This project investigated the selection of wool sheep for lifetime profitability by measuring the lifetime productive phenotypes of breeding ewes, their lambs and the rams to which the ewes were mated, on a commercial farm in East Gippsland. The measurements were recorded from 1992 to 2002. The seasons varied during this time, including a severe drought from 1996 to 1998. The results clearly demonstrate that the environment, its resources and demands, limit the full phenotypic expression of the genotype of the sheep. This expression varies over the lifetime of the animal. The results identify the sheep that were most suited to their environment. Phenotype interaction: It was found that enhancement of any single profitable phenotypic character resulted in changes to all other profitable phenotypic characters, usually in a negative direction. These phenotypic interactions frequently show curvilinearity and nonlinear relationships, demonstrating that to select on a linear model is frequently not appropriate for profit indicators or biological reality. Measurement of ewe body weight and the weight gain ratio of lambs A method is described for measuring the yearly and lifetime body weights of sheep from which the changing wool weights and weight due to pregnancy were removed. Birth weight, wool weight and weight gain of the suckling lamb were then expressed as a percentage of the body weight of the ewe. This resulted in a clearer understanding of how the ewe allocates metabolic resources. It also demonstrated that too high a bodyweight was itself an excessive user of resources. When the average daily weight gain of the lamb from birth to weaning was expressed as a percentage of the weight of the mother the results provided an early prediction of lifetime profitability of the lamb and indirectly of the mother. This percentage had a strong positive relation to the birth weight, weaning weight, greasy fleece weight of the lamb and to the survival rate of the progeny and the test ewes during the drought. However prediction of the fibre diameter required an independent measurement. Measuring the value of a sheep's wool: A method is described for assessing the value of wool. This eliminates the influence of monetary inflation and helps the farmer make a more accurate judgement of the wool value in the selection of his sheep. Auction prices from all districts of Victoria based on the 1987-1997 auction prices of wool were converted into a Price fibre-diameter ratio. This ratio was used to determine a commercial wool value (Ewe wool score) for each test ewe. For each of the test ewe's male and female progeny, the same ratio was used to obtain a wool score (up to two years of age). These progeny values of all her lambs were added to provide a Progeny wool score for each test ewe. A Combined wool score combined both the ewe's own woolscore and the woolscore of her progeny. The top ten test ewes were identified for each category then compared to the subjective assessments of a sheep classer, the farm manager and the wool classer. Sheep that had high Combined wool scores and were therefore the most profitable over two generations had different phenotypes from those with high individual wool scores. It should be noted that while wethers might be chosen for wool score only, ewes should be chosen for wool score and the ability to produce profitable progeny. This thesis has highlighted the fact that selection for lifetime profitability will differ for ewes and for wethers. Using the Statistica 4.1 (1994) for McIntosh program stepwise multiple regressions were carried out on the test ewes for Ewe wool score, Progeny wool score and Combined wool score. The factors with significant influence (p-level < .05) on each of the three wool scores were identified. For the Ewe wool score, the factors in order of importance are, average fibre diameter (negative), greasy fleece weight, average visual assessment of the fleece and lambs alive December 1996 (negative). Those four factors "explain" 42% of the sums of squares in the Ewe wool score. For the Progeny wool score, the factors in order of importance are, lambs alive in December 1996, which was the end of the recording of the test ewes, and the average fibre diameter (negative). These two factors "explain" 64% of sums of squares in the Progeny wool score. In the Combined wool score, the factors in order of importance are, lambs alive in December 1996, average fibre diameter 1992-6 (negative) and average greasy fleece weight 1992-6 (negative). These three factors "explain" 60% of the sums of squares in the Combined wool score. The negative partial regression for fibre diameter is explained by the position of the average fibre diameter on the Price-fibre diameter curve (finer fibres bring higher prices). The negative partial regression of the Combined wool score on greasy fleece weight suggests that there is competition between resources required for producing wool and for successful reproduction. Heritability estimates: Heritability estimates were calculated from intra-sire regressions of progeny on dams. This was done for body weight, greasy fleece weight, fibre diameter and the visual assessment of the fleece at specific ages over the years for which paired data for the test ewes and their progeny were available. Such estimates were available for hoggets and 2,3,4 and five-year olds of both the dams and progeny, with a varying numbers of pairs at different ages. The results varied between ages and between the sexes of the progeny. There were more data available (pairs of dams and progeny) from the middle age-years. 'When the male and female progeny were considered together, the corrected body weight in years two and four gave highly significant results of 0.45 and 0.44 respectively. Year three had significant results of 0.27. Years one and five were not significantly different from zero. Fibre diameter had highly significant results of 0.89 in year one and significant results of 0.28 in year two and 0.32 in year three. Years four and five were not significant. Greasy fleece weight had significant results of 0.70 in year one. Other years were less than 0.30 and were not significant. Fleece visual assessment had highly significant results of 0.35 in year three; the other years were not significant. One wool classer classified all the fleeces subjectively at shearing over an eight-year period giving a yearly visual score to each fleece. He was unaware of the identity of the fleeces. The results showed a high degree of consistency. The above results shows that visual scores can be heritable. Fibre diameter, greasy fleece weight and their interaction: Fibre diameter was examined for lifetime variation in individual sheep and groups of sheep selected on micron. Lifetime group measurement of fibre diameter was highly predictable. This allows a fanner to get a reasonable lifetime group fibre diameter result from one year of measurement. Lifetime measurements of fibre diameter for individuals were less predictable. Fibre diameter was also examined for the effect of resources and their availability, heritability, ageing, lambing and lactation, and the health of the sheep. The two-generation realized heritability of fibre diameter for the test ewes in 1995 and the one-year old progeny in 1993 to 1995 was 0.50. Greasy fleece weight was examined for lifetime variation, in individual and group measurements, for the effect of the availability of resources, the variations of ageing and the health of the sheep. Greasy fleece weight had lower heritability estimates at hogget age than did fibre diameter. Group measurements of greasy fleece weights had more lifetime variation than did fibre diameter. Therefore a single greasy fleece group measurement would not be as reliable an indicator for lifetime results as a single measure of fibre diameter. Using 1992-6 average values, the fleeces of the Tubbut flock were examined for the relationship of the fibre diameters to greasy fleece weights, from the finest to the broadest fibre diameters. This relationship was not linear. From 25-21 microns the decrease of the greasy fleece weight for each decrease of one micron was 5.7%, from 21-18 microns the result was 9.6 %, from 17-16 microns the result was 11.4%. The limitation of the environment: The data presented in this thesis clearly demonstrate, that with limited resources available from an environment, there is an overriding and fundamental response within animals to allocate those resources to maximize their survival and that of their progeny. Any artificial selection must be carried out with the knowledge, that over time, the animals will attempt to return to the allocation of resources that maintains the best chance of survival for themselves and their progeny. Within this thesis there are many examples where, if sheep had been artificially selected for one character this would have altered all or most of the other characters usually in a negative direction. It has been shown that high artificial selection tends to have that selection reduced in value over the animal's lifetime. Important principles: Results in this thesis highlight that in selecting for lifetime profitability breeders should note that 1) The environment, its resources and demands, limit the full expression of the genotype of the sheep. The effect varies over the lifetime of the animal. 2) In the selection of animals for particular traits, due regard must be given to the effects that the selection will have on the whole of the phenotype. 3) Increased profitability resulting from the selection of one trait may result in the overall loss of profitability from the decrease in other profitable traits. 4) Where research is carried out on one particular trait to either enhance or decrease that trait, the research needs to demonstrate the effect of that selection on the whole animal over its lifetime. 5) Sheep need to be selected for an increase in lifetime profitability in their own commercial environment. Taking note of these principles will ensure true progress is made in phenotypes and genotypes suitable for any particular environment. It will also produce greater profits for Australian farmers.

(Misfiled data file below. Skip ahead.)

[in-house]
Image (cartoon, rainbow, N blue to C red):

• Item